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Politics & Government

Walking the Talk: A Speech for All Seasons

Rev. Jim Conn

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(Lawrence Jackson/White House)

When the President finished his inaugural speech the other week, I said to my wife Susan, “That was a great piece of rhetoric.” By that I did not mean a lot of flowery words strung together or a piece of political discourse from a particular party’s perspective. I meant it as high praise of a public address that transcends the immediate moment and inspires us as a people to live up to our nation’s principles. This one, unlike four years ago, felt like the caliber of speeches I had studied in college in a course on Rhetoric and Public Address.

At least that is what I thought I’d heard. The President talked about the unresolved problems that face us as a nation: immigration, gun reform, deficit control, climate change, economic inequality. He placed those within the context of this nation’s founding principles: life, liberty, the pursuit of happiness. Then the President reminded us how we Americans have always acted to resolve the issues that face us: from Seneca Falls to Selma to Stonewall – three locations that struck movements to expand democracy and make the pursuit of happiness more possible for more people. And he did it inside of 10 minutes.

But when I opened the newspapers the next day, I was shocked to discover I had heard a “liberal” speech. I discovered that I was hearing the President’s agenda for the term ahead, while I thought I had heard him list the problems that stand before us as a nation and which we must address to move forward as a society. Yes, I did hear him defend Social Security and Medicare, but as a platform from which people take risks, which is what I think entrepreneurism is about, whether someone is starting a new business or a new social service project. But I did not hear the partisan panting I recall from Bush in 2004 or Clinton, for that matter, in 1996.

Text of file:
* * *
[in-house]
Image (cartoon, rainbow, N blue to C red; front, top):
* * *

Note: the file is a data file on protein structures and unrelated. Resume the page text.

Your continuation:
Had this been a “liberal” speech it would have mentioned the problem of low-wage jobs, perhaps affirm the role of organized labor in pressing for middle-income pay checks, maybe throw in something about raising the minimum wage to a livable wage, perhaps a word about the fraying safety net. But the President didn’t include any mention of those issues except a brief reference to the waning middle class. Since the speech was labeled a “liberal speech,” I thought I must be so left of center that I didn’t even recognize the speech for what it was.

Then I got an email from a friend active in the arena of public policy in Los Angeles who defines himself as a “radical moderate.” He was on a plane back from the inauguration and a couple of side meetings while in Washington. He assured me that from what he was hearing “change” was going to come. He didn’t say what kind of change or in which areas, but it was on its way.

In the weeks that have followed, more thoughtful commentary has shifted toward this direction. The Republicans split over the fiscal cliff crisis, and then they backed away from a debt ceiling fight. Republicans in the House seem divided over which strategy they should take in the immediate near term – hard line hold ‘em or issue-by-issue pragmatism.

Perhaps the pundits and the papers couldn’t see outside their own lenses of either/or, us/them, this/that. It had to be a liberal speech unnerving to conservatives because it was surely not a speech that bowed to the powers of resistance — powers that would return us to the past. Apparently, there are and only can be two poles which must be in opposition. According to this view we must always be in a great conflict of some sort.

So, have the tectonic plates of polarization actually shifted in some way the press has missed? I have no idea, but the President we elected thinks we are a nation facing major issues that we must address for the health of the country and the continuation of this grand experiment we call democracy. At least, that’s what I heard him say, and I think my college Rhetoric and Public Address professor would have applauded.

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